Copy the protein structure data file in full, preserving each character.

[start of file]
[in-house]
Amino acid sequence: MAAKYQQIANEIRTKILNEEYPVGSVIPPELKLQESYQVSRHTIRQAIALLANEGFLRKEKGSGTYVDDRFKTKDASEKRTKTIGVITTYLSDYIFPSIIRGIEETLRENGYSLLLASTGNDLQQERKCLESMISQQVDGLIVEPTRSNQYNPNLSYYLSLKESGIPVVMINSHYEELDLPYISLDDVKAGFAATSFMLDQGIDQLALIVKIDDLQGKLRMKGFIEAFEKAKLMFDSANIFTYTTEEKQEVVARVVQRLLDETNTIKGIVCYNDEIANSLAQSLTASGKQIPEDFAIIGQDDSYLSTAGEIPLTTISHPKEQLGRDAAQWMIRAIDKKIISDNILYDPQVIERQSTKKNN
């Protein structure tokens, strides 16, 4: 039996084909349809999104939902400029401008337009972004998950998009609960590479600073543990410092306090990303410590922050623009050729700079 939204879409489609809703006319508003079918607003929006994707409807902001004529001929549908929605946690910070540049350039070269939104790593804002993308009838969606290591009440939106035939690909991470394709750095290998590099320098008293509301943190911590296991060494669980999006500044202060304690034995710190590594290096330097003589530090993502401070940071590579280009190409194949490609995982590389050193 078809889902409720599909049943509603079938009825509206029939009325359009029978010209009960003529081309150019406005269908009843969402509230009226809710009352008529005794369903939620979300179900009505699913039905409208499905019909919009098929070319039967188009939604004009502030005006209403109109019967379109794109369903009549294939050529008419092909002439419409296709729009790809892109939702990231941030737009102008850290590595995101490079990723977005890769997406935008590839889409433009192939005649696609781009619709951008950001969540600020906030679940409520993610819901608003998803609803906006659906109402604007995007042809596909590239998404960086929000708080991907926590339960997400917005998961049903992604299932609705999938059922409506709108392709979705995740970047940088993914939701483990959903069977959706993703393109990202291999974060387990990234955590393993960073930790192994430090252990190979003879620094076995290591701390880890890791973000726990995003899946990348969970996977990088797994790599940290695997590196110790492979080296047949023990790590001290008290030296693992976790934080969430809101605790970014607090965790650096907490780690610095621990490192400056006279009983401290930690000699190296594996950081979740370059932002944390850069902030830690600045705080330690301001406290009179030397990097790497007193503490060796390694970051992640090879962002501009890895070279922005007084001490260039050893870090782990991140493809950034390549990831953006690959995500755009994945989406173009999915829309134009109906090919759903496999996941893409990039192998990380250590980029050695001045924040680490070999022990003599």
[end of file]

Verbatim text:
[in-house]
Amino acid sequence: MAAKYQQIANEIRTKILNEEYPVGSVIPPELKLQESYQVSRHTIRQAIALLANEGFLRKEKGSGTYVDDRFKTKDASEKRTKTIGVITTYLSDYIFPSIIRGIEETLRENGYSLLLASTGNDLQQERKCLESMISQQVDGLIVEPTRSNQYNPNLSYYLSLKESGIPVVMINSHYEELDLPYISLDDVKAGFAATSFMLDQGIDQLALIVKIDDLQGKLRMKGFIEAFEKAKLMFDSANIFTYTTEEKQEVVARVVQRLLDETNTIKGIVCYNDEIANSLAQSLTASGKQIPEDFAIIGQDDSYLSTAGEIPLTTISHPKEQLGRDAAQWMIRAIDKKIISDNILYDPQVIERQSTKKNN
């Protein structure tokens, strides 16, 4: 039996084909349809999104939902400029401008337009972004998950998009609960590479600073543990410092306090990303410590922050623009050729700079 939204879409489609809703006319508003079918607003929006994707409807902001004529001929549908929605946690910070540049350039070269939104790593804002993308009838969606290591009440939106035939690909991470394709750095290998590099320098008293509301943190911590296991060494669980999006500044202060304690034995710190590594290096330097003589530090993502401070940071590579280009190409194949490609995982590389050193 078809889902409720599909049943509603079938009825509206029939009325359009029978010209009960003529081309150019406005269908009843969402509230009226809710009352008529005794369903939620979300179900009505699913039905409208499905019909919009098929070319039967188009939604004009502030005006209403109109019967379109794109369903009549294939050529008419092909002439419409296709729009790809892109939702990231941030737009102008850290590595995101490079990723977005890769997406935008590839889409433009192939005649696609781009619709951008950001969540600020906030679940409520993610819901608003998803609803906006659906109402604007995007042809596909590239998404960086929000708080991907926590339960997400917005998961049903992604299932609705999938059922409506709108392709979705995740970047940088993914939701483990959903069977959706993703393109990202291999974060387990990234955590393993960073930790192994430090252990190979003879620094076995290591701390880890890791973000726990995003899946990348969970996977990088797994790599940290695997590196110790492979080296047949023990790590001290008290030296693992976790934080969430809101605790970014607090965790650096907490780690610095621990490192400056006279009983401290930690000699190296594996950081979740370059932002944390850069902030830690600045705080330690301001406290009179030397990097790497007193503490060796390694970051992640090879962002501009890895070279922005007084001490260039050893870090782990991140493809950034390549990831953006690959995500755009994945989406173009999915829309134009109906090919759903496999996941893409990039192998990380250590980029050695001045924040680490070999022990003599």